Country Reports on Terrorism 2010 - Sudan
|Publisher||United States Department of State|
|Publication Date||18 August 2011|
|Cite as||United States Department of State, Country Reports on Terrorism 2010 - Sudan, 18 August 2011, available at: http://www.refworld.org/docid/4e524813c.html [accessed 29 March 2015]|
Overview: Designated as a State Sponsor of Terrorism in 1993, Sudan remained a cooperative partner in global counterterrorism efforts against al-Qa'ida (AQ) in 2010. During the past year, the Government of Sudan worked actively to counter AQ operations that posed a potential threat to U.S. interests and personnel in Sudan. Sudanese officials have indicated that they viewed continued cooperation with the United States as important and recognized the potential benefits of U.S. training and information-sharing.
Domestic Terrorism/Terrorist Incidents: The Sudanese government has taken steps to limit the activities of foreign terrorist groups within Sudan and has worked hard to disrupt foreign fighters' use of Sudan as a logistics base and transit point for violent extremists going to Iraq. Nonetheless, elements of designated Foreign Terrorist Organizations, including al-Qa'ida-inspired terrorists, remained in Sudan, as gaps remained in the Sudanese government's knowledge of and ability to identify and capture these individuals as well as prevent them from exploiting the territory for smuggling activities. Some evidence suggested that individuals who actively participated in the Iraqi insurgency have returned to Sudan, and may be in a position to use their expertise to conduct attacks within Sudan or to pass on their knowledge. Sudanese officials continued to view Hamas members as representatives of the Palestinian Authority. Hamas members conducted fundraising in Sudan, and Palestine Islamic Jihad (PIJ) maintained a presence in Sudan.
The Lord's Resistance Army (LRA) continued to operate in the region, though there was no reliable information that corroborated allegations that the Government of Sudan provided support to the LRA. Operating in small cells, the LRA carried out attacks in areas where the borders of the Democratic Republic of the Congo, Central African Republic, and Southern Sudan intersect. The UN estimated that in 2010, LRA attacks displaced 25,000 southern Sudanese. In October, the African Union (AU) announced that Uganda, Sudan, the Democratic Republic of the Congo and the Central African Republic will form an AU-backed joint brigade to pursue the LRA.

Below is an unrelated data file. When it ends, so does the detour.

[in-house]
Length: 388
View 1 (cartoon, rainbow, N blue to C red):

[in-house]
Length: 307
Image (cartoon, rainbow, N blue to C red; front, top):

Legislation and Law Enforcement: On June 11, four Sudanese men sentenced to death for the January 1, 2008, killing of two U.S. Embassy staff members escaped from Khartoum's maximum security Kober prison. One police officer was reportedly killed and another was injured in an exchange of fire at a checkpoint following the breakout. Police subsequently intercepted the get-away car and arrested the driver, but the four fugitives escaped on foot. On June 22, Sudanese authorities confirmed that one of the four convicts was recaptured. The whereabouts of the other three convicts remained unknown at year's end. The Sudanese government cooperated with the United States in efforts to bring the four to justice.
Countering Terrorist Finance: The Central Bank of Sudan and its financial intelligence unit circulated to financial institutions a list of individuals and entities that have been included on the UN 1267 al-Qa'ida and Taliban sanctions committee's Consolidated List. Through increasing cooperation with the Financial Action Task Force (FATF), Sudan took steps in 2010 to meet international standards in combating money laundering and terrorist financing. The most significant achievement was passage of the Money Laundering and Terrorism Financing Act of 2010, approved by the Council of Ministers in January 2010 and ratified by Parliament in June 2010. Sudan continued its cooperation with the U.S. government in investigating financial crimes related to terrorism.
Regional and International Cooperation: Sudanese officials regularly discussed counterterrorism issues with U.S. counterparts. Sudan was generally responsive to the international community's concerns on terrorism and was generally supportive of international counterterrorism efforts.